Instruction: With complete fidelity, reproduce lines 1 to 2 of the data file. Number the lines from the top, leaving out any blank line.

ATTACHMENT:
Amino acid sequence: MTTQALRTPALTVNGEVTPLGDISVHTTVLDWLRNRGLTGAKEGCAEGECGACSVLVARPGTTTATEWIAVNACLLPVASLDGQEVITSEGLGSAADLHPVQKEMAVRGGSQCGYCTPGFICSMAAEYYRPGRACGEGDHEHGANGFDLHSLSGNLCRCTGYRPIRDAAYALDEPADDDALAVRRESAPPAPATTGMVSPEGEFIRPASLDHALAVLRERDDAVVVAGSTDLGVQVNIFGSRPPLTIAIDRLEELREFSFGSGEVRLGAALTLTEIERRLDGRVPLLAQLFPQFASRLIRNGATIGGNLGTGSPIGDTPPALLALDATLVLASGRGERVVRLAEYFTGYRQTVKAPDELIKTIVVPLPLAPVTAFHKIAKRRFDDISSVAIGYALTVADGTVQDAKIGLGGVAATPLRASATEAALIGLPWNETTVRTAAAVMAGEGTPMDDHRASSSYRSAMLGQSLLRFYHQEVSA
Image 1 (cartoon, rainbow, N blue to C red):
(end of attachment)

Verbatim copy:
Amino acid sequence: MTTQALRTPALTVNGEVTPLGDISVHTTVLDWLRNRGLTGAKEGCAEGECGACSVLVARPGTTTATEWIAVNACLLPVASLDGQEVITSEGLGSAADLHPVQKEMAVRGGSQCGYCTPGFICSMAAEYYRPGRACGEGDHEHGANGFDLHSLSGNLCRCTGYRPIRDAAYALDEPADDDALAVRRESAPPAPATTGMVSPEGEFIRPASLDHALAVLRERDDAVVVAGSTDLGVQVNIFGSRPPLTIAIDRLEELREFSFGSGEVRLGAALTLTEIERRLDGRVPLLAQLFPQFASRLIRNGATIGGNLGTGSPIGDTPPALLALDATLVLASGRGERVVRLAEYFTGYRQTVKAPDELIKTIVVPLPLAPVTAFHKIAKRRFDDISSVAIGYALTVADGTVQDAKIGLGGVAATPLRASATEAALIGLPWNETTVRTAAAVMAGEGTPMDDHRASSSYRSAMLGQSLLRFYHQEVSA
Image 1 (cartoon, rainbow, N blue to C red):